Unlike our other neighbors in the Solar System, we have a pretty good idea of what the Moon is made of and how it’s put together, as we have an extensive suite of samples brought back from the Apollo Lunar landings. The Apollo program returned 380.05 kg of lunar rocks and soil, and most of the samples are stored at the Lunar Sample Laboratory Facility. The samples of rocks, breccias, and regolith were polished into thin sections, allowing for optical geologic studies to be performed on them.
Similar to our planet, the Moon has a layered structure, with its core surrounded by a mantle and a thin crust. Geological processes that form rocks and bodies of rocks, such as fractional crystallization work similarly on the satellite as they do on our planet – with the notable exceptions of tectonics.
The geological school that studies microscopic crystals is called petrography. Geologists use a polarizing microscope to study the optical properties of the crystals to observe behaviour that ties directly to their structure and chemical properties. The following photos show the same thin sections, in the same position. The only difference between them is that they are once taken with only one polarization filter in place, then with both of them in use.
The lavas that solidified to form these volcanic igneous rocks were generated by shock-induced heating associated with the series of gigantic meteor impact events that formed the mare basins. The most recent mare impact occurred approx. 3.0 Ga; the oldest, around 3.8 Ga. Lava erupted in the crater basins and filled them, and because of the vacuum of space, cooling proceeded relatively slowly, permitting specific textures to develop.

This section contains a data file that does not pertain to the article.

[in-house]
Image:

Polarizing (or petrographic) microscopes use two layers of cross-
The second filter is placed with its transmitting axis at a 90 degree angle to the first one. Crossing the two linear polarizer axes at 90 degrees to one another can produce near absolute blockage of light or cancellation, called extinction. Looking through the microscope with crossed nicols with no crystal section between them, you would only see darkness.
The original crustal rocks of the Moon, which constitute most of the Lunar Highlands. They are rich in the mineral Feldspar; Anorthosites are Feldspar-only rocks, Norites are Feldspar-pyroxene rocks. These rocks are very old (4.0 to 4.4 Ga) and show substantial evidence for shock metamorphism due to a long history of meteor impacts on the lunar surface. Most of these rocks show a fractured, brecciated texture, and some contain glass formed by the shock metamorphism of feldspar.
Perhaps the most common rock type on the Moon today, however, are Impact Breccias – rocks made from the debris of the many meteor impacts which have occurred in the Moon’s history. These rocks form when fragments of shattered rock are either smashed together through collision, sintered together by the heat of collision, or cemented together by infiltrating impact melt. Breccias are said to be “Monomict” if they contain pieces of only one kind of rock, and “Polymict” if they contain more than one kind of rock fragment. Most Lunar breccias are polymictic by strict definition, but they are typically dominated by fragments of the local country rock.
Some breccias cover large regions of the lunar crust, and can be mapped on the Moon via telescope. These Lunar “formations” were early targets for exploration in the Apollo program.
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